Romantic love as perversion

A funny sidenote to my recent review of Bitterfittan: Recently, I read Michael Moorcock’s “Behold the Man“, which contained the following exchange, which offers a rather different perspective on relationships:

“Your trouble, Karl,” said Gerard as they walked along the High towards the Mitre where Gerard had decided to buy Karl lunch, “is that you’re hung up on romantic love. Look at me, I’ve got all kinds of kinks … as you’re so fond of pointing out in that hectoring voice of yours. I get terribly randy watching black masses and all that. But I don’t go around butchering virgins – partly because it’s against the law. But you romantic-love perverts – there’s no law to stop you. I can’t do it unless she’s wearing a black veil or something, but you can’t do it unless you’ve sworn undying love and she’s sworn you undying love back and everything’s horribly mixed up. The damage you do! To yourself and the poor girls you use” It’s disgusting…”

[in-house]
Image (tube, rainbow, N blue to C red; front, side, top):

“You’re being more cynical than usual, Gerard.”

“No! Not a bit of it. I speak with absolute sincerity – I’ve never felt so passionate about anything in my life! Romantic love! There really ought to be some law against it. Disgusting. Disastrous. Look what happened to Romeo and Juliet. There’s a warning for all of us.”

“Oh, Gerard…”

“Why can’t you just fuck and enjoy it? Leave it at that? Take it for granted? Don’t pervert some poor girl, too.”

“They’re usually the ones who want it that way.”

“You do have a point, dear boy.”

“Don’t you believe in love at all, Gerard?”

“My dear Karl, if I didn’t believe in some kind of love, would I be bothering to give you this warning?”

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